Vitamin – or out?

There’s so much information in the market these days about vitamin supplements – some say they’re essential for kids, some say they’re not necessary. Time Out Kids spoke to Dr. Nagwan Said Mohamed, Registrar Paediatrician, to get to the bottom of the issue

Interview, Health, Active life
Interview, Health, Active life
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There’s so much information in the market these days about vitamin supplements – some say they’re essential for kids, some say they’re not necessary. Time Out Kids spoke to Dr. Nagwan Said Mohamed, Registrar Paediatrician, to get to the bottom of the issue.

Why should my kids take vitamins and supplements and do they really need them?
Vitamins and minerals are important elements of the total nutritional requirements of your child. Because the human body itself is unable to produce adequate amounts of many vitamins, they must be obtained through diet. Paediatricians may recommend a daily supplement, if your child has a poor appetite or erratic eating habits.

Which kids are more likely to need vitamin supplements?
Some kids are picky eaters and not eating well-balanced meals everyday, particularly active kids who play physical sports. Similarly, children that eat a lot of fast food, convenience food, and processed foods are likely to need supplements. Kids who drink a lot of fizzy drinks, which can leach vitamins and minerals from their bodies, and also kids on restricted diets like vegetarians. Lastly, some kids with medical conditions like Asthma or digestive problems are likely to need vitamin supplements.

Are there any kids which supplementary vitamins would not be suitable for?
Multivitamins aren’t necessary for most healthy children who are growing normally. Also large doses of vitamins in general, can be harmful and toxic.

How do I know if my kids really need vitamins or not?
The American Academy of Paediatrics (AAP), recommends that all infants and children, including adolescents, have a minimum daily intake of 400 IU of vitamin D beginning soon after birth. Exclusively and partially breastfed babies should receive 400 IU of vitamin D each day starting in the first few days of life and continuing up until babies are weaned to at least one litre or one quart of vitamin D fortified formula or milk a day.

We eat a balanced and varied diet of fresh, healthy foods – will my kids still need a vitamin supplement?
Not necessarily, it’s much better that kids should get their vitamins from a balanced, healthy diet that includes milk and dairy products (cheese and yoghurt), fresh fruits and green vegetables, proteins like chicken and eggs and fish and meat, and whole grains like oats and brown rice.

It’s all very confusing – some experts say kids don’t need vitamins, some say they do. How do I know who to believe in all this?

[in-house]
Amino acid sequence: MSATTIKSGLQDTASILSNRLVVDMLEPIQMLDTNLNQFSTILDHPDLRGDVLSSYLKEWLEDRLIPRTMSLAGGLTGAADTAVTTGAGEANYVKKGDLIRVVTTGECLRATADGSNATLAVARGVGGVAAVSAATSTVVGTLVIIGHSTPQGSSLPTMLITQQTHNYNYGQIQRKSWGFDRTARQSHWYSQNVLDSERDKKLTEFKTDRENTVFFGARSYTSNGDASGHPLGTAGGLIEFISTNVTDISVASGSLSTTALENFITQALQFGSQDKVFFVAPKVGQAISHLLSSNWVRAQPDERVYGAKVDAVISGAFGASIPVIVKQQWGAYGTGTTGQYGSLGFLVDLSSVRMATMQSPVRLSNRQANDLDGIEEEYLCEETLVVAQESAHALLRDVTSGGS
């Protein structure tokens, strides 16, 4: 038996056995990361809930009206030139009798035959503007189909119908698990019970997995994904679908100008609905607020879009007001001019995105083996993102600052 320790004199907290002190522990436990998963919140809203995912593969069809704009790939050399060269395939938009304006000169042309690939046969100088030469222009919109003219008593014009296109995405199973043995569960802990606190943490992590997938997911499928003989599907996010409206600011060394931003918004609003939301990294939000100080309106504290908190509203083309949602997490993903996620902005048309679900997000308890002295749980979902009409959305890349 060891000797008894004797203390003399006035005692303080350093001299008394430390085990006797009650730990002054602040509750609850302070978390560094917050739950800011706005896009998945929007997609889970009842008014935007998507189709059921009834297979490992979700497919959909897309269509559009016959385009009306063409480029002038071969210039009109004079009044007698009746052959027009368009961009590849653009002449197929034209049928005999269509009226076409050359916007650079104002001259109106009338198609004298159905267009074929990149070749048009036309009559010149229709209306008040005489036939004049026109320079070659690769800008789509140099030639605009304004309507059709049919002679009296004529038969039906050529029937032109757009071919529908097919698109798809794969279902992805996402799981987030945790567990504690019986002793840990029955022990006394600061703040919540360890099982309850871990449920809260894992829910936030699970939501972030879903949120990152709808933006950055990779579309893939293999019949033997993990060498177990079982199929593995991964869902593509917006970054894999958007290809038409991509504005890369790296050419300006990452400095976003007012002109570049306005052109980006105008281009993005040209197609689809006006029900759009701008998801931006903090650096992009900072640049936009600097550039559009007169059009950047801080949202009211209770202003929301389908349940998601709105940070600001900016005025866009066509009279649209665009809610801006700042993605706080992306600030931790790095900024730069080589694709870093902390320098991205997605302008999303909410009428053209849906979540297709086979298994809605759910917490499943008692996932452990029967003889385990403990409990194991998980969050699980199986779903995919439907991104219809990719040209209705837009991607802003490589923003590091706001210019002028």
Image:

The American Academy of Paediatrics (AAP), advises giving your child a supplement only if your child’s doctor recommends one. The AAP claims most children don’t need supplements because so many common foods are fortified. The AAP acknowledges that taking a supplement won’t do any harm as long as it doesn’t exceed the recommended dietary allowance (RDA) for any vitamin or mineral.

From what age is it OK to give my kids a multi vitamin?
Toddlers and young children, as well as school age children are advised to take multivitamins whenever recommended.

I’m very busy and we eat out a lot as a family - do multi vitamins replace the need for a balanced diet?
While most paediatricians agree that a parent’s first line of defence should be diet, they acknowledge that our busy schedules make it hard for us to get healthy meals, so taking multivitamins could help.
We want you to eat good food...and the vitamins would supplement that diet only if necessary.

Time Out Kids remembers being given cod liver oil as a kid, which tasted disgusting. There’s no way my kids would take cod liver oil - don’t all vitamin supplements taste bad?
Cod liver oil is rich source Omega 3 fatty acids+ vitamins A and D which is available in a Gummy bears form, and tastes delicious to children, so not all vitamins taste bad, no.

Are there certain vitamins that are more commonly lacking in kids than others?
Yes definitely, Vitamin D is often lacking in exclusively breast feeding infants.

Is there such a thing as getting too many vitamins? Can my kids overdose on vitamins? (And if so, what will happen and what should I do?)
Mega vitamins, large doses of vitamins aren’t a good idea for children. The fat-soluble vitamins (vitamins A, D, E, and K) can be toxic if kids overdose on excessive amounts, so it is always best consult your paediatrician if you have any doubt. Always make sure that you give the correct recommended dosage for the child’s age, to avoid overdose.

I’m still not convinced my child needs extra vitamins. Every time I turn around another vitamin has been stuffed in somewhere – added omega threes in milk, bread, vitamin D in cereal, calcium in fruit juices, you name it, these days it seems to have extra vitamins in it. What are your thoughts on this and with all this stuff on the market, how am I meant to know when enough is enough?
Simply put, I have been unable to find a single study, not one, that would suggest a need or a benefit to giving a growing healthy child a multivitamin. Especially if the child eating habits are good. Full stop.
However when used correctly, vitamin supplements for kids can be helpful in preventing deficiencies (and minimising worry for parents). For example, if you’re concerned that your child’s diet is lacking – because he won’t put anything green in his mouth for example – you might want to give him a supplement for your peace of mind.
Dr. Nagan Said Mohamed is a Registrar Paediatrician at Cedars Jebel Ali International Hospital, Dubai and spokesperson for YaYa vitamins.

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